The issue of dischargability of a  student loan being discharged has to  be raised in an Adversary Proceeding (a separate law suit in the bankruptcy court) and is conducted there like other civil law suits.  Unlike a bankruptcy case, where relief is automatically available absent misconduct, the judges' discretion  controls the dischargability of Student Loans absent a purely abusive finding on appeal. It would be most difficult to attempt such a proceeding without an attorney.  Currently there is no court filing fee assessed when a bankruptcy debtor files an Adversary Proceeding to determine the dischargability of a debt.  Typically such a proceeding will take between  six (6) and nine(9) months to be heard and involve a trial that lasts  only an hour or two.  The relevant facts center on the debtor's earning capacity, and necessary spending needs.

Ken McCartney has tried a couple dozen  Student Loan Adversary Proceedings.  His success rate was very high with welfare mothers who did not complete their education and cannot afford dental treatment.  The success rate is not so good with a debtor that has income over the minimum wage and any hope for betterment,  even where the student loans are huge.  Attorney fees for these proceedings range in Wyoming from $1,500 to around $5,500 and run $1,000 more in Colorado.  Remember, there are no guarantees.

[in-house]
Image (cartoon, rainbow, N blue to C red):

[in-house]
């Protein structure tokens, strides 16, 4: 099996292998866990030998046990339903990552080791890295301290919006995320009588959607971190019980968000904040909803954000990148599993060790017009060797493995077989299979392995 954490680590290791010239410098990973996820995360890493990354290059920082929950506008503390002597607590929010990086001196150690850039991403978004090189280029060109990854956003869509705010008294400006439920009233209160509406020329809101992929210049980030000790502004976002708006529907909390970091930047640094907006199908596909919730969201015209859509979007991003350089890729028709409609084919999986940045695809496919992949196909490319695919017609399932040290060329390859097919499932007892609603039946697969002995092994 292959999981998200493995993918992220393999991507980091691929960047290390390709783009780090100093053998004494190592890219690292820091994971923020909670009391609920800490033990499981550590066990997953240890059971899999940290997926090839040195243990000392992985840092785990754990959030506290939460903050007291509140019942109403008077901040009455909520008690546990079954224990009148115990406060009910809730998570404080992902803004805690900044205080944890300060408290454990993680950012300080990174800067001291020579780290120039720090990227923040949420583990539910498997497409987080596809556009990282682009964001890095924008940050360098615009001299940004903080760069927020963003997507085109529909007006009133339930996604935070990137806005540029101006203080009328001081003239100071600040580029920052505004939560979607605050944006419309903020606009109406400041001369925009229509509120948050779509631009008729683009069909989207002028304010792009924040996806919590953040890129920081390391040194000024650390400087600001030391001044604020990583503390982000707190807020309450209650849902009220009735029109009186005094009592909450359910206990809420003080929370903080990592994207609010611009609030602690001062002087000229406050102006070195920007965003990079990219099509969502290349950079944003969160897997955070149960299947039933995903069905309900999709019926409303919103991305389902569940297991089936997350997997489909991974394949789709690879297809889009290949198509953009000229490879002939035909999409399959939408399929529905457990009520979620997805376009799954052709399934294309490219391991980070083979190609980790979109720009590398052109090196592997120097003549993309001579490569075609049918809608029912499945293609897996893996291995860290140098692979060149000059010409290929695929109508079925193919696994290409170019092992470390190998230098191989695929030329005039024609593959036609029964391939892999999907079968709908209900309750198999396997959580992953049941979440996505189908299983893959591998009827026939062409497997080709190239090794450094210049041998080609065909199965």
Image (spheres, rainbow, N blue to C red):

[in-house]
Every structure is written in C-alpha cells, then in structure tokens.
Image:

Sometimes a Student Loan Adversary Proceeding can be settled with attractive payment terms, compromised totals, and or reduced  interest rates even where the whole loan is not discharged.  There is conflicting authority on whether or not a bankruptcy judge can discharge part of a loan or one of many loans and not the others.

I find the William D. Ford Foundation--a purchaser of government guaranteed Student Loans-- a tough adversary and to be a good alternative to most student loan borrowers. The various makers and purchasers of student loans have varying collection practices.  Some are friendly.  Some are decidedly not so friendly.  WDFF has a repayment program that is "needs based" and can involve zero monthly payments for a stressed out borrower, yet provides for a discharge after about 23 years for unpaid balances.  Unfortunately this program reviews a borrowers' finances every year and  changes payment requirements if income changes. This is not exactly a fresh start but a "zero payment" is not much of a hardship.  Many clients choose to file bankruptcy for all other creditors then apply to programs like this for administrative relief of student loan payment burdens.   Click here for access to the William D. Ford Web Site. This office has no connection whatsoever with this federal program.